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A photo of a Banded Bay Cuckoo (Cacomantis sonneratii)
Banded Bay Cuckoo

Banded Bay Cuckoo

Cacomantis sonneratii

The Banded Bay Cuckoo, or Bay-Banded Cuckoo, is a small, striking bird with a distinctive appearance. Adults boast a bright rufous or bay coloration on the head and back, with dark brown bars adding a bold pattern to their plumage. Their long, slightly curved bill is black, with a greenish-grey base on the lower mandible. A white supercilium stands out above a dark eye-line, while the wings are darker and the tail is graduated with a dark brown center, a subterminal black band, and white-tipped feathers. Both sexes are similar in appearance, with yellow irises and grey tarsi. Juveniles resemble adults but have a pale lower mandible and white fringes on their upper body feathers. At about 22 cm in length, they are comparable in size to other Cacomantis species but can be distinguished by their supercilium, long beak, and barred tail.

Identification Tips

When identifying the Banded Bay Cuckoo, look for the white eyebrow-like supercilium, the rufous upperparts with regular dark bands, and the whitish underside with fine striations. The long, slightly curved bill and the distinctive tail pattern with a subterminal black band and white tips are also key features to note.


This species is typically found in well-wooded areas, favoring the lower hills where the canopy provides cover and feeding opportunities.


The Banded Bay Cuckoo is native to the Indian subcontinent and Southeast Asia, with its range extending from India and Nepal through Thailand and the Malay Peninsula, to Java, Bali, Sumatra, Sri Lanka, and parts of the Philippines.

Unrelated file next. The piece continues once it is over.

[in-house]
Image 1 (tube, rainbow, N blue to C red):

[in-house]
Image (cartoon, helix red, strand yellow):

The Banded Bay Cuckoo exhibits brood parasitism, laying its eggs in the nests of other bird species such as the common iora and various bulbuls. The host's fledglings are evicted, and the cuckoo's breeding habits remain somewhat enigmatic. This species is known to be migratory or partially migratory, with movements often linked to the monsoon season in India.

Song & Calls

The call is a high-pitched, four-note whistle, reminiscent of "wee-ti wee-tee" or "smoke-yer-pepper," starting at 2.4 kHz and descending in pitch, each strophe lasting about a second.


Breeding seasons vary by region, with egg-laying observed from February to August near Bombay, April to August in Assam, and adults singing from January to May in the Malay Peninsula. In Sri Lanka, young have been seen in June and October.

Similar Species

The Banded Bay Cuckoo may be confused with the hepatic forms of Cacomantis merulinus and Cacomantis variolosus, but it can be distinguished by its supercilium, long beak, and barred tail.

Diet and Feeding

Insects form the primary diet of the Banded Bay Cuckoo. It employs both gleaning and aerial sallying techniques to capture its prey.

Conservation status

The Banded Bay Cuckoo is currently classified as Least Concern on the IUCN Red List, indicating that it is not at immediate risk of population decline or habitat loss.

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Banded Bay Cuckoos on Birda

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Profile picture for Asman Adi,Purwanto
Asman Adi,Purwanto
21 Jan 2024 - 1:36am

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